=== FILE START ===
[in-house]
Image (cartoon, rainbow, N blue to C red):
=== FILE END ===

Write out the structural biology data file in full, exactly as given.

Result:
[in-house]
Image (cartoon, rainbow, N blue to C red):